European Commission leader Jean-Claude Juncker issued a call for unity among the eastern and western European countries during his State of the European Union address on Wednesday September 14, as tensions continue to swell among member states following Britain’s leave vote.
Juncker cited growing nationalism among countries in response to the ongoing refugee crisis as a major issue that needs to be tackled, and said “the scope in which we cooperate is far too small.”
“Far too often national interests are brought to the fore,” he said. “We shouldn’t misunderstand this – European integration must not bow to the interests of the nation state. Europe cannot become a colorless melting pot.”
In addition to his call for unity, Juncker announced a plan to invest directly in African countries in an effort to stop the migration crisis at its source. He called for the establishment of a $49 million fund that could possibly be doubled later on, depending on how successful it is.
Juncker said he and the EU should “remain on a friendly basis” with Britain, but warned that the country shouldn’t expect to have the same access to the EU’s single market once it officially triggers its exit.
“We respect and at the same time regret the UK decision, but the European Union as such is not at risk,” he said.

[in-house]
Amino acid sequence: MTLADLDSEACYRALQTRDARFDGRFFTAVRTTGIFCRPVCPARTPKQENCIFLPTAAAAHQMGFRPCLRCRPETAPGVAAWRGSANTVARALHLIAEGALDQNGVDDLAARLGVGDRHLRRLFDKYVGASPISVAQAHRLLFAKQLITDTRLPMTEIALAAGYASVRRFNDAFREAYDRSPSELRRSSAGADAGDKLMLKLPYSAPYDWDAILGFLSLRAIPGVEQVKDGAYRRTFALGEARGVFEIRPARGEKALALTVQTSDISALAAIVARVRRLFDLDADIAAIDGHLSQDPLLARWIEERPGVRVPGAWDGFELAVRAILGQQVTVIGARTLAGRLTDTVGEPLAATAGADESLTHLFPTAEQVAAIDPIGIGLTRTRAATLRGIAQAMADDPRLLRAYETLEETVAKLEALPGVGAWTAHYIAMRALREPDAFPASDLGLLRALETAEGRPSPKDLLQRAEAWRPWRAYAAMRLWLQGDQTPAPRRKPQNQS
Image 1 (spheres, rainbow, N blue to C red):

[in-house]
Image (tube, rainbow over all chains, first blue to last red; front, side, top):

Juncker encouraged Britain to begin with exit negotiations as soon as possible so that both sides could move on in their own directions.
After the British people voted to leave the EU in June, leaders have been struggling to maintain unity between several eastern states that have voiced support for less bureaucracy coming from the Union and others that seek a stronger centralized power.
The divisions between countries were highlighted Tuesday when Luxembourg’s foreign minister called for Hungary to be suspended from the EU after he said refugees in the country are being treated like “animals.”
“Anyone who, like Hungary, builds fences against refugees from war or who violates press freedom and judicial independence should be excluded temporarily, or if necessary for ever, from the EU,” Jean Asselborn said in an interview with the German paper Die Welt.
Hungary’s Minister of Foreign Affairs and Trade, Péter Szijjártó, responded to the criticism in a statement, calling Asselborn “an intellectual lightweight” and saying he is too closely aligned with the EU to be taken seriously.
“It is somewhat curious that Jean Asselborn and Jean-Claude Juncker – who both come from the country of tax optimization – speak about jointly sharing burdens. But we understand what this really means: Hungary should take on the burden created by the mistakes of others,” Szijjártó said.
On October 2, Hungary will hold a referendum vote to decide whether the EU can mandate the number of refugees resettled in the country without the approval of Hungary’s National Assembly.
(Photo: EC Audiovisual Service)